AI and Statistics: Perfect Together

Many companies develop AI models without a solid foundation on which to base predictions — leading to mistrust and failures. Here’s how statistics can help improve results.

Reading Time: 9 min 


Permissions and PDF

Carolyn Geason-Beissel/MIT SMR | Getty Images

People are often unsure why artificial intelligence and machine learning algorithms work. More importantly, people can’t always anticipate when they won’t work. Ali Rahimi, an AI researcher at Google, received a standing ovation at a 2017 conference when he referred to much of what is done in AI as “alchemy,” meaning that developers don’t have solid grounds for predicting which algorithms will work and which won’t, or for choosing one AI architecture over another. To put it succinctly, AI lacks a basis for inference: a solid foundation on which to base predictions and decisions.

This makes AI decisions tough (or impossible) to explain and hurts trust in AI models and technologies — trust that is necessary for AI to reach its potential. As noted by Rahimi, this is an unsolved problem in AI and machine learning that keeps tech and business leaders up at night because it dooms many AI models to fail in deployment.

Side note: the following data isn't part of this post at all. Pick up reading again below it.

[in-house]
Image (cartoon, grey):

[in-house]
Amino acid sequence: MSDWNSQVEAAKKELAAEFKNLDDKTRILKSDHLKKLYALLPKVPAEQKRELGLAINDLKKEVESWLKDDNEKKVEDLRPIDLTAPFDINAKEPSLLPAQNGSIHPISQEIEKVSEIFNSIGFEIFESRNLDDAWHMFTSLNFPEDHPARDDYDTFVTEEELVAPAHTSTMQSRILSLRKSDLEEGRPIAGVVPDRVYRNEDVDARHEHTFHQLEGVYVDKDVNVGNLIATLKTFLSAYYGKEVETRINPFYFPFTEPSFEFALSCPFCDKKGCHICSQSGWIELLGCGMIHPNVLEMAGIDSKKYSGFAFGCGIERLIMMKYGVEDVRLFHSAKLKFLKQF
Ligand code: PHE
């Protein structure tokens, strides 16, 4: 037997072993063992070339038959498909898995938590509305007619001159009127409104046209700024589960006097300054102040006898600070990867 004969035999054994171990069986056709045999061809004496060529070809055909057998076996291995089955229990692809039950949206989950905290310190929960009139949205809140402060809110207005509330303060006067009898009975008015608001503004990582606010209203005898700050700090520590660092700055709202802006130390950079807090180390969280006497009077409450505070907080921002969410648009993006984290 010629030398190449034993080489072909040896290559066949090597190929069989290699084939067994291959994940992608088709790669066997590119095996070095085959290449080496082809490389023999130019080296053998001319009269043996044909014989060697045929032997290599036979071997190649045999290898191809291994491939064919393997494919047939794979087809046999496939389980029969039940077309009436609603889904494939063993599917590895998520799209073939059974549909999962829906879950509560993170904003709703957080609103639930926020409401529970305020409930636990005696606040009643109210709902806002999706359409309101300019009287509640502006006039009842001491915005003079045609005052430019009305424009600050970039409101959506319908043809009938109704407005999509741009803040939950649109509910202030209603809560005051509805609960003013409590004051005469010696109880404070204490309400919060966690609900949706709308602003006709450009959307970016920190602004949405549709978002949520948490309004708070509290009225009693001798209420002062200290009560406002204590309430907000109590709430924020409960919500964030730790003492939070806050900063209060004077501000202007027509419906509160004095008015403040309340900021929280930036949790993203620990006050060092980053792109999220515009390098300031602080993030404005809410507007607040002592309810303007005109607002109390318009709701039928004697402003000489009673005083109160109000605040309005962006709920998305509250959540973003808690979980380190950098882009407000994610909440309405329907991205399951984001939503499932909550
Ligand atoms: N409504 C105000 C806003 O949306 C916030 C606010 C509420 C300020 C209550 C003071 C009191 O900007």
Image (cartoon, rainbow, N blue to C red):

Fortunately, help for AI teams and projects is available from an unlikely source: classical statistics. This article will explore how business leaders can apply statistical methods and statistics experts to address the problem.

Holdout Data: A Tempting but Flawed Approach

Some AI teams view a trained AI model as the basis for inference, especially when that model predicts well on a holdout set of the original data. It’s tempting to make such an argument, but it’s a stretch. Holdout data is nothing more than a sample of the data collected at the same time, and under the same circumstances, as the training data. Thus, a trained AI model, in and of itself, does not provide a trusted basis for inference for predictions on future data observed under different circumstances.

What’s worse, many teams working on AI models fail to clearly define the business problem to be solved. This means that the team members are hard-pressed to tell business leaders whether the training data is the right data. Any one of these three issues (bad foundation, wrong problem, or wrong data) can prove disastrous in deployment — and statistics experts on AI teams can help prevent them.

Many IT leaders and data scientists feel that statistics is an old technology that is no longer needed in a big data and AI era.


Reprint #:


More Like This

Add a comment

You must to post a comment.

First time here? Sign up for a free account: Comment on articles and get access to many more articles.

Comment (1)
Rohana Ponnamperuma
Insightful article and the relationship between IA and stat should be further evaluated